Feet > Plantar Fasciitis

What is the Plantar Fascia?

The plantar fascia is the fibrous tissue on the bottom of your foot that connects the heel bone (calcaneous) to the toes. When you bend your toes, you can feel the plantar fascia tighten along the bottom of your foot. It maintains the shape of your foot's arch and helps ensure you have a normal gait when walking or running. When standing, the plantar fascia is tightened and helps form the arch of your foot. At the beginning of each step, the heel lifts up and the plantar fascia tightens in the shape of your arch, allowing you to push off with your toes.
Tears in the plantar fascia tissue result in the condition called plantar fasciitis. It can cause chronic pain in the arch, usually close to the heel, and is sometimes called heel pain syndrome. Plantar fascia tears most often occur where the tissue inserts in the heel bone, but they may occur anywhere along the bottom of your foot. The heel pain caused by plantar fasciitis is a common sports injury that can be be irritating and hinder your ability to perform.

Causes [top]

Plantar fasciitis is commonly caused by overuse or increasing the intensity of your activities or sports. You may be at particular risk for developing plantar fasciitis if you begin a new activity after a period of inactivity. Simply spending too much time on your feet can increase your chances of suffering plantar fasciitis, especially if your job requires many hours of walking on a hard surface. Sports that require running or jumping on hard surfaces, like sprinting, ballet dancing, and basketball, commonly cause plantar fasciitis. Jogging and walking can also put added strain on the plantar fascia. The normal aging process decreases some of the plantar fascia's elasticity or resilience, which may put older people at greater risk for developing heel pain during less stressful activities. Unpadded or worn-out footwear may increase the strain to your plantar fascia. Biomechanical faults in the shape of your foot or the strength of your leg muscles often put too much stress on the plantar fascia. Feet with either flat or high arches are more likely to suffer plantar fasciitis. Having weak muscles in the calf, toes, or ball of your foot can hinder your ability to absorb shock when walking or running, which can place extra tension on the plantar fascia. Excess body weight also increases the strain on the plantar fascia.

Considerations [top]

Though plantar fasciitis is a common cause of heel pain, your physician may need to rule out less common causes like nerve compression, stress fractures in the heel bone, or loss of the fatty tissue that pads the bottom of your heel. Plantar fasciitis often causes small bony growths called heel spurs. Because the plantar fascia is connected to many tendons in the foot, many people also suffer from plantar fasciitis and tendinitis at the same time. The treatment for plantar fasciitis, heel spurs, and tendinitis is often the same. If left untreated, your heel pain may continue to worsen. In general, the longer you wait to seek treatment for your heel pain, the longer it takes to cure. You should visit your physician as soon as you notice heel pain to receive the most effective treatment. Conservative, non-surgical treatment helps cure about 90 percent of patients with plantar fasciitis. Mild to moderate cases are often treated with ice, stretching, and shoe modification. Severe plantar fasciitis may require splints to immobilize the foot and possibly cortisone injections to reduce inflammation in the tissue. Successful treatment often takes months to cure plantar fasciitis, especially in athletes that overuse their feet, like cross-country and marathon runners.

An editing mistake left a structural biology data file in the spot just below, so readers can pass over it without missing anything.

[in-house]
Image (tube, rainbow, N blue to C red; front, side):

Orthopedic Evaluation

There are usually three parts to an orthopedic evaluation: medical history, a physical examination, and tests that your doctor may order.


Your physician likely will ask about your activities, which may be causing the pain in your heel. He will probably ask when the soreness or pain began. If you have had any prior foot injuries, your physician will ask about the treatments you have tried in the past. Physicians also typically ask about other conditions, such as diabetes and allergies, and medications currently being taken. You may also be asked about your physical and athletic goals ­ information that will help your physician decide what treatment might be best for you in achieving those goals.


Physicians can often diagnose plantar fasciitis by putting direct pressure on the bottom of your heel. The heel is usually tender when pressure is applied and pain tends to increase when your toes and foot are bent upward. Your physician usually individualizes your treatment by evaluating the shape of your foot and the biomechanics of your stride.

TESTS [top]

X-rays are sometimes used if your physician suspects you have bone spurs.  MRI (magnetic resonance imaging) is infrequently used to check for abnormally large amounts of fluid, called edema, in the plantar fascia.


   Imaging techniques

Non-Surgical Treatment

Copyright 2007 | Insall Scott Kelly® Institute. All Rights Reserved.